The company believes lower capital expenditure as well as the right business model can allow them to deliver 1GB of personalized data at $1 each day.
Siemens states it sees a future where “more and more consumers especially in Kenya demand to be charged for what they consume based on how it is beneficial to them and not merely how long they are on the Internet”.
According to Nokia Siemens Network’s Head of Sales for Africa, Ranjith Cherickel, users of broadband especially on smartphones who access Internet on the move are starting to look for "entral value propositions of mobility" rather than the ability to connect.
“This means that mobile network operators need to start moving to a model that supports connectivity which allows users to pay for what they consume and not necessarily how they consume it. This has a significant implication on current network resources and infrastructure, and also impacts on the established revenue streams of mobile network operators because, as demand grows, revenue per bit can fall,” he said.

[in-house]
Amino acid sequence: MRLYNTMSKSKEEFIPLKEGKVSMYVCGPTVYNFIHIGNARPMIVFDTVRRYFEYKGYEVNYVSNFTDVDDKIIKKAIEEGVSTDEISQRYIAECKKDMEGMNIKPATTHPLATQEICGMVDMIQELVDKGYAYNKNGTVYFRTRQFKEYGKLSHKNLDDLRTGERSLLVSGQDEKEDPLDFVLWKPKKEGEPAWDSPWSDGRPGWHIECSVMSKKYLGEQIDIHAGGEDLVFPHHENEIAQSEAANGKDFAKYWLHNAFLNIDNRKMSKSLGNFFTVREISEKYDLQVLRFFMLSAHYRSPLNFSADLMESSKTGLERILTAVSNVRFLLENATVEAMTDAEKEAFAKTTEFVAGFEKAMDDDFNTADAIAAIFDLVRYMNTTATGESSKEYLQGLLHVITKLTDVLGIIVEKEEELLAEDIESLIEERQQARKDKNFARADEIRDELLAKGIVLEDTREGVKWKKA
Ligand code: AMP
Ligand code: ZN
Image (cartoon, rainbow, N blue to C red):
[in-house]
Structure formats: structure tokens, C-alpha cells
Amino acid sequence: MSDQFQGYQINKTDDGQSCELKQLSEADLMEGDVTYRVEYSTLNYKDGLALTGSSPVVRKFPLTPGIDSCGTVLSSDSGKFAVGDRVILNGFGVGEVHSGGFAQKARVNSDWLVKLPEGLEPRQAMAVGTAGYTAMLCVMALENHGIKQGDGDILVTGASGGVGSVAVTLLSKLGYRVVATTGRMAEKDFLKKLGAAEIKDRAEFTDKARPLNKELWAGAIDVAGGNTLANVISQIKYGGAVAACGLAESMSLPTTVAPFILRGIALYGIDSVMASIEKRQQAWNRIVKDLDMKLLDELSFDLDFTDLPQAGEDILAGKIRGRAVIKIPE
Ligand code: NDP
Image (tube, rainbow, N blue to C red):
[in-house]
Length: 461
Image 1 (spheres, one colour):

To achieve this, Cherickel says mobile networks will need to efficiently deliver a superior broadband experience through investing in greater end-to-end and monitoring capabilities.
He adds the key aspect to differentiation in a commoditized mobile broadband market is customer service.
Cherickel says through proper studies into what the consumer needs, a mobile network can convert the customer's experience into specific investment and network optimization projects.
“This also helps operators to bridge the gap that sometimes exists between the network performance on record and service quality customers experience in reality,” Cherickel added.
Nokia Siemens has meanwhile announced the launch of a solution that could help tackle service degradation before the customer experiences poor quality. It hopes the solution will bridge the gap between network operations and service provisioning enabling operators to provide the best quality of service.
The company expects to achieve the 1GBperday$ approach by 2020.